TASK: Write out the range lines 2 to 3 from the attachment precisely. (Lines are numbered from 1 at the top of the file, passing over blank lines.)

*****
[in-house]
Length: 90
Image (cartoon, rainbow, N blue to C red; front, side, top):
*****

Length: 90
Image (cartoon, rainbow, N blue to C red; front, side, top):